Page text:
Putin mouthpiece hits out colleague says ‘Why are we doing this?’
Russian officials are urgently trying to sell their houses and flee Crimea as Kyiv’s troops close in, Ukraine has claimed.
Media outlet Ukraine NOW, which describes itself as the main verified source of official information about events in the country, reports that Russian officials based in Crimea are secretly trying to sell their homes.
Ukraine NOW wrote in a post on the Telegram messaging service: “Despite the assurances of the population that they are safe on the peninsula, representatives of the occupation administration of Crimea, FSB officers and commanders of some military units are secretly trying to sell their homes and urgently evacuate their relatives from the peninsula, the GUR reports.”
Ukraine’s Defence Intelligence agency reported on Tuesday (September 13) that occupying officials in Crimea were urgently trying to resettle their families in Russia.
Kyiv says Russian officials in Crimea are trying to flee
Fire and smoke billowing from a munitions depot in Crimea in August
A statement on the GUR website said Russian invaders have banned housing transactions and clamped down on access to information about the war.
Mr Zelensky has said Ukraine has seized back 3,100 square miles of territory occupied by Russia since its invasion began on February 24.
After being pushed back from the capital Kyiv soon after its invasion, the Kremlin refocused on capturing territory next to Crimea as well as in Donetsk and Luhansk in the industrial Donbas of eastern Ukraine, which separatists claimed in 2014.
Earlier this month, Kyiv told residents of Crimea to prepare bomb shelters and stock up on supplies as Ukraine pressed ahead with plans for a major counteroffensive to drive Russian troops out of occupied Ukrainian territory.
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A woman walks past a building destroyed by a Russian missile attack in the centre of Kharkiv
A damaged Russian tank after Russian forces withdraw
The Black Sea peninsula was thought to be out of range of Ukrainian weapons, though explosions at Russian military sites in Crimea called that into question.
Meanwhile, in its latest update, defence intelligence analysts report Moscow is “increasingly sourcing weaponry from other heavily sanctioned states” as its own stockpiles are depleted.
Russian President Vladimir Putin’s forces are being forced to source equipment from North Korea and Iran as the impacts of sanctions and military losses bite.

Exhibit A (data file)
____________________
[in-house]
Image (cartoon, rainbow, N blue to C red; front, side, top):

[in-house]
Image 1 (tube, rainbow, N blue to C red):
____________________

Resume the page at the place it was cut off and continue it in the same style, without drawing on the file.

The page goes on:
An update published by the UK’s Ministry of Defence pointed to claims that Ukrainian forces had shot down an Iranian-made drone as evidence of Moscow’s use of systems sourced from Tehran.
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Russia versus Ukraine
Ukraine claimed it shot down the drone near Kupiansk as part of an offensive which has smashed through Russian lines around Kharkiv on the eastern front.
The image suggested the Shahed “suicide drone” had been shot down by Ukrainian forces and had not detonated on impact as designed, though little information was released by the authorities in Kyiv.
The UK Ministry of Defence (MoD) said: “Russia has highly likely deployed Iranian uncrewed aerial vehicles (UAV) in Ukraine for the first time.
“On September 13 2022, Ukrainian officials reported that their forces had shot down a Shahed-136 UAV near Kupiansk, in the area of Ukraine’s successful ongoing offensive.
Russian President Vladimir Putin
“The Shahed-136 is a one-way attack UAV with a claimed range of 2,500 kilometres (1553 miles).
“Similar Iranian-manufactured systems have likely been used in attacks in the Middle East, including against the oil tanker MT Mercer Street in July 2021.”
The MoD update said: “Russia is almost certainly increasingly sourcing weaponry from other heavily sanctioned states like Iran and North Korea as its own stocks dwindle.
“The loss of a Shahed-136 near the front lines suggests there is a realistic possibility that Russia is attempting to use the system to conduct tactical strikes rather than against more strategic targets farther into Ukrainian territory.”
Pressure has been growing on Putin in the wake of Ukraine’s advance with the Russian dictator facing dissent at home.
A group of local politicians in St Petersburg who called for Putin to be sacked over the war faces the likely dissolution of their district council following a judge’s ruling on Tuesday, one of the deputies said.
Nikita Yuferev said the judge decided a series of past council meetings had been invalid, paving the way for it to be broken up by the regional governor.
Another council member, Dmitry Palyuga, said the same court then fined him 47,000 roubles for “discrediting” the authorities by calling for Putin’s removal.
Four more members of the Smolninskoye local council were due to appear in court.
Last week, a group of deputies from the council appealed to the State Duma to bring charges of state treason against Putin and strip him of power, citing a series of reasons including Russia’s military losses in Ukraine and the damage to its economy from Western sanctions.
Another local deputy said 65 municipal representatives from St Petersburg, Moscow and several other regions had signed a petition she published on Monday calling for Putin’s resignation.
While posing no immediate threat to Putin’s grip on power, the moves mark rare expressions of dissent by elected representatives at a time when Russians risk heavy prison sentences for discrediting the armed forces or spreading deliberately false information about them.